Today, our team at Rancher announced an exciting new feature called Persistent Storage Services. Persistent storage support builds on the work we’ve done with Rancher Convoy, and makes it dramatically easier to run stateful applications in production using Rancher. The Docker volume plugins, introduced in Docker 1.8 and further enhanced in Docker 1.9, enables developers to utilize a variety of persistent storage implementations as standard Docker volumes. Our new Persistent Storage Services capability complements Docker volume plugins by providing a backend implementation of a Docker volume plugin, and is the core storage technology in our recently announced hyper-converged infrastructure stack for Docker. Rancher’s new Persistent Storage Services have four primary characteristics:
- A persistent storage service is a software-defined storage system deployed as containers. It typically includes multiple containers running on a cluster of hosts to provide redundancy and failover, building a distributed, resilient storage system out of local disk volumes.
- A persistent storage service is deployed in conjunction with one or more applications that utilize it as persistent storage.
- Rancher deploys and manages persistent storage services. Rancher configures the required Docker volume plugin to make persistent storage services consumable as Docker volumes. In addition, Rancher provides the service discovery and cross-app linking capabilities to enable the application to call any API exposed by the persistent storage service.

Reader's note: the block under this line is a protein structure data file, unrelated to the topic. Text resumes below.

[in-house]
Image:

- Applications can create Docker volumes backed by a persistent storage service, and can also go through service discovery to invoke vendor-specific APIs implemented by the persistent storage service.
One of the reasons I’m excited about the potential of persistent storage services is that it offers benefits to both application developers and the companies building software-defined storage. Traditional cloud and virtualization platforms hide the details of storage implementation from developers. Because of this, developers cannot utilize advanced vendor-specific capabilities and storage vendors cannot bring innovative features to developers. With Rancher’s new persistent storage services, developers can pick the storage software that is most appropriate for their application and utilize all of the unique features of that storage system. As illustrated in the following figure, developers can choose to deploy Gluster for applications App1 and App2 and deploy Nexenta for application App3. App1 and App2 can invoke Gluster-specific operations such as snapshot and remote replication. Similarly App3 can invoke vendor-specific operations supported by Nexenta. There are a couple of additional benefits when we deploy software-defined storage as containers:
- Storage systems become as portable as Docker itself. AWS, for example, supports powerful software-defined storage features such as EBS and EFS. Such features may not be available on other clouds or on bare metal servers. By deploying persistent storage services in conjunction with the application, we can easily move a stateful application from AWS to other clouds or bare metal servers.
- By packaging persistent storage services with individual applications, we reduce the failure domain of the software-defined storage system. Failure of one persistent storage service, for example, will not impact applications that uses other persistent storage services.
The following video demonstrates how to use Rancher persistent storage service:
Our first two persistent storage services will support Gluster and NexentaEdge. We are excited about both solutions as Gluster provides a widely applicable open source storage software solution and NexentaEdge is a truly revolutionary product that provides many powerful capabilities not present in open source solutions. We will no doubt be creating many other persistent storage services in the future. Storage services will be available beginning with the 0.45 release of Rancher, which will ship next week, please request a demo from one of our engineers if you’re interested in learning more. In our next online meetup we will be demonstrating how to leverage private storage services. *Will Chan is a co-founder and VP of Engineering at Rancher Labs. *